No Post Hoc Justification for Submitting False Claims

Jason Velligan

Associate Editor

Loyola University Chicago School of Law, JD 2024

On June 1, 2023, in a unanimous opinion, the United States Supreme Court ruled in United States et al. ex rel. Schutte et al. v. Supervalu Inc. et al. and United States et al. ex rel. Proctor v. Safe-way, Inc. that the scienter element of the False Claims Act (FCA) refers to a defendant’s knowledge and subjective beliefs. Supervalu and Safeway knew they were charging government health insurance programs more for prescription drugs than what they usually and customarily charging regular customers, in violation of the FCA.

False Claims Act

The government enacted the FCA to combat defense contractor fraud during the Civil War. A person who knowingly submits a false, fictitious, or fraudulent claim to the government becomes liable to pay three times the government’s damages plus a penalty ranging from $11,803 to $23,607. The statute allows the government to pursue a civil claim against an entity that submits a false claim and authorizes private citizens to file a lawsuit on behalf of the government in an action called “qui tam.” A private citizen, or relator, may bring a lawsuit against an entity accused of making false claims to the government and seek recovery for the government. If the lawsuit is successful, the relator is entitled to receive compensation for the recovery.

Usual and customary

The regulations promulgated by the Centers for Medicare and Medicaid Services (CMS) limit Medicare and Medicaid reimbursement for drugs to the lower of two amounts. If the pharmacy’s “usual and customary” charge to the public is lower than the CMS contracted amount, then the pharmacy must bill the federal program the public amount. For example, the pharmacies at Walmart and Target charge the public $4 for a 30-day supply and $10 for a 90-day supply for many drugs. The $4 and $10 are the “usual and customary” charges to the public. If either Walmart or Target submits a $100 charge to Medicare for a 30-day supply of the same drug sold to the public for $4, they are then submitting false claims to the government.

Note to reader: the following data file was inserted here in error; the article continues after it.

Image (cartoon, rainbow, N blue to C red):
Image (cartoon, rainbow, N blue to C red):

Supervalu and Safeway attempted to circumvent the “usual and customary” charge and had been told that discounted drug prices are “usual and customary.” Supervalu and Safeway contended that there was ambiguity in the meaning of “usual and customary,” but this did not save the day, and they should have taken further steps to determine the correct meaning.


The FCA defines knowingly as “actual knowledge, deliberate ignorance, and recklessness.” “Actual knowledge” is when an individual is aware that a claim is false. In the case of “deliberate ignorance,” an individual is aware of a substantial risk that a claim is false and intentionally avoids confirming the truth or falsity of the claim. Multiple federal circuits provide jury instructions that a defendant has acted with willful ignorance or deliberate ignorance in criminal trials. Consider the scenario where the court gives a deliberate ignorance instruction: a person is asked and agrees to transport a bag from one location to another without inquiring into what the bag contains. “Reckless disregard” involves acknowledging a substantial and unjustifiable risk that a claim is false but choosing to submit the claim anyway. Scienter can be established by showing that Supervalu or Safeway “(1) actually knew that their reported prices were not their “usual and customary” prices when they reported those prices, (2) were aware of a substantial risk that their higher, retail prices were not their “usual and customary” prices and intentionally avoided learning whether their reports were accurate, or (3) were aware of such a substantial and unjustifiable risk but submitted the claims anyway.”

The ruling did not broaden the scope or application of the FCA. The Court provided future relators with a sharper definition of the knowledge element required to establish a viable qui tam. An opportunity exists here for compliance professionals to educate their organization on what knowledge of a false claim is and how to avoid submitting false claims. Compliance professionals in organizations that have federal contracts for goods or services should have a leading part in these decisions. If needed, they should be ready to hit the brakes on submitting claims if there are questions as to the propriety of the claims.